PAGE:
Abuja — The House of Representatives has ordered investigation into how $396.33 million was allegedly spent between 2013 and 2017 to carry out turn around maintenance on the country's three refineries in Port-Harcourt, Warri and Kaduna.
The House ordered the investigation at the plenary yesterday following the adoption of a motion brought by Hon. Ifeanyi Momah.
He said Nigeria had been living with the derogatory appellation of being a major oil producing nation that was heavily reliant on importation of refined petroleum products for its domestic consumption as a result of its low local refining capacity.
Momah stressed that Nigeria has three major refineries with installed capacity to refine 445,000 barrels of oil per day, enough for domestic consumption and export.
He lamented that this objective has not been realised owing to a combination of factors, including 'corruption' and 'inefficiency' in the running of the refineries, whose regular turn around maintenance has been mismanaged over the years.
Momah cited a report in THISDAY of Friday October 18, 2019 by the Nigeria National Resource Charter (NNRC) on "Reducing Losses from Refineries Operations," which reviewed the operations of the Nigerian National Petroleum Corporation (NNPC) from a cost 'perspective of efficiency and value for money.
According to him, the NNRC implements the Natural Resources Charter (NRC) in Nigeria, which is a set of principles intended for use by governments, societies and the international community to determine how best to manage natural resources wealth for the benefit of current and future generations.
Momah noted that the a ssertion by the NNRC in the report that the NNPC spent $396.33 million between 2013 and 2017 to carry out repair works under the turnaround maintenance scheme on its three decrepit refineries at Port-Harcourt, Warri and Kaduna was worrisome.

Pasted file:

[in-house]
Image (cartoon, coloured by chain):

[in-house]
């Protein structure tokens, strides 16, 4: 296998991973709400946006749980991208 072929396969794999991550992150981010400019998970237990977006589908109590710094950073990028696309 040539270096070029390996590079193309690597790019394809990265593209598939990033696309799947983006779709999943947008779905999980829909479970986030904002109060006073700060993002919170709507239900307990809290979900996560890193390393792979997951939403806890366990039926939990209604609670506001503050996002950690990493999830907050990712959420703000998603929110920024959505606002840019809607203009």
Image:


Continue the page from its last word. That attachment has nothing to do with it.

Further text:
He added that the claim that the NNPC also spent N276.872 billion on operating expenses of the refineries between 2015 and 2018, as well as $36 billion on importation of petroleum products between 2013 and 2017 was a cause for concern.
The lawmaker decried that the three refineries has contributed less than 10 per cent annually to Nigeria's Gross Domestic Product (GDP), but lamented that they are also among the league of refineries with the highest operating costs worldwide, as their consolidated capacity utilisation dropped to 6.1 per cent at the end of September, 2017.
Momah expressed concern that the strategic goal of establishing local refining facilities and their associated supply chain as a socio-economic game-changer that would result in national development had continued to elude the country's oil and gas industry.
He said: "Going by the reckoning of the NNRC, the $36 billion the country spent on importation of petroleum products in the last four years could have built four brand new refineries of similar capacity for the country with the same 650,000 barrels per day processing capacity as the refinery that Dangote Group is currently building in Lagos State."
The House therefore called on the federal government to consider divesting a 'certain percentage of its shareholding in Port Harcourt, Warri and Kaduna refineries to competent investors under transparent and fair bidding process.
It also mandated "the Committee on Petroleum Resources (Downstream) to conduct an investigative hearing on the processes of the "Turn Around Maintenance" (TAM) at the Port Harcourt, Warri and Kaduna refineries by the Nigerian National Petroleum Corporation (NNPC) between 2013 and date and report back in eight weeks for further legislative action."